I have received several demand emails for copyright infringement that never happened. There is a whole unfounded litigation industry around this practice. Do a web search on ACS law, Prenda Law, ceg-tek, Malibu Media, and others.

    A lot of these threats rely on victims be worried that someone may have hacked their WiFi. I don’t use WiFi or wireless, problem solved.

    Here is some USA based advice on “Defense Against the Dark Arts of Copyright Trolling”

  3. Ken Chasse says:

    As high-lighted in its “Budget 2017” Fact Sheet, “Skills, Innovation and Middle Class Jobs, the federal government’s high profile creation of “Innovation Canada,” is intended to protect IP (intellectual property) and, “to help Canada realize its potential as a global leader in innovation,” and as part of that effort, to help the creation of “clusters” of innovating organizations such as Silicon Valley in California. Innovation Canada’s creation of the principles and practices for identifying, protecting, and monetizing IP, will be well served by placing them in the most authoritative texts possible to bring about their wide spread and frequent use and enforcement, which are National Standards of Canada. Therefore, because an important part of that project will be the creation of such national standards, the Standards Council of Canada issued an email message on April 10th, emphasizing how very important it will be in helping all organizations to engage in innovation. It states that the government will give the Council, “$14.4 million over five years to develop and advance standardization initiatives that will benefit Canadian innovators, enhance market access and create new middle class jobs.”
    One of the consequences of this federal government “IP and Innovation” project, (and supposedly, for preparation for the next election on Monday, October 21, 2019), has been the great pressure applied by federal government agencies to hurry the creation of a second edition of what is the most important and widely used of all National Standards of Canada, Electronic Records as Documentary Evidence CAN/CGSB-72.34-2017 (pdf). It provides the principles and practices for good electronic records management. Almost everything we do is evidenced by electronically produced records, and so is every working decision we make, and is made for us and about us. And, all such records can become evidence in legal proceedings and in providing legal services. Therefore enforcement of the use of this national standard is very necessary. Electronic records management systems if not well maintained, have a distinct probability of losing and destroying records and corrupting the data in records. The more complex a technology, the more ways it has of breaking down or otherwise performing inadequately, and therefore the more complex must be the requirements for its manufacture, use, and maintenance.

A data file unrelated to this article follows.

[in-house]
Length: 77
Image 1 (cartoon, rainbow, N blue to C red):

However, because of that great pressure to complete the draft second edition within an unrealistic but unreasonably enforced deadline, and get it declared to be a published standard by the Standards Council, a very incompetent procedure was used by the organization responsible for the final draft, the Canadian General Standards Board (CGSB). And the Standards Council failed to deal with complaints as to the resulting errors in that draft and the faulty procedures that caused them. And because of the importance of this national standard, and the probability of causing substantial loss by relying upon it, CGSB and the Council have potentially greatly impaired their reputations and their ability to serve as an important part of the federal government’s innovation and IP initiative. That is additionally dangerous because the creation of the necessary future national standards that will have to be created for IP and all uses of information and data, will fall within the jurisdiction of both of these organizations.